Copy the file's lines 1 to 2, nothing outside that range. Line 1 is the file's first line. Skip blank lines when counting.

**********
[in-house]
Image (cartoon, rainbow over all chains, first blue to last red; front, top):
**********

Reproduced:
[in-house]
Image (cartoon, rainbow over all chains, first blue to last red; front, top):